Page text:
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Tuesday, November 25, 2008

When you can be too patient

There are many times when I can be very impatient. For instance, when I want something I want it now (note to Gray, as in the Christmas wrapping paper that's hidden somewhere precarious...). I don't like waiting (unless of course it's to finish the h-u-g-e pile of ironing that never seems to go down, even though the kids aren't around anymore :-/).


There are times however, when I have patience in abundance. Like when I finally submitted my manuscript. Now, this never used to be the case - in the old days I used to sit around waiting for the postman for a sign of my stamped addressed postcard acknowledging the safe receipt of my manuscript. Nowadays, of course, (:^P) I'm so busy with other writing projects that I barely notice...(okay, that might be a teeny little fib). I do notice a little bit. BUT, it's only for a second before I get on with my other writing projects.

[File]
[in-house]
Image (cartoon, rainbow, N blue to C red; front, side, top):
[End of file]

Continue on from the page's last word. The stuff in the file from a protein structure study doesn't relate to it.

These past weeks I have learnt the hard way, that you CAN be too patient - even when submitting your manuscript to M&B. Mills & Boon are so helpful to their aspiring yet-to-be published writers that they ALWAYS take the time to acknowledge each submission no matter how inundated they are.

If weeks go by (as they did in my case) and you haven't received an acknowledgement and/or reference no. it's very likely that your manuscript hasn't been received. It took me ages before I contacted M&B to ask if they'd received my ms. I was too scared to bother them knowing how busy they are. It turned out that they never received it and I was asked to email it to them again - which I did. Only I never learnt my lesson - weeks later I still hadn't received confirmation - but did I contact them again? No! I was still too scared believing it was pestering them and their silence was merely a sign of how busy they all were.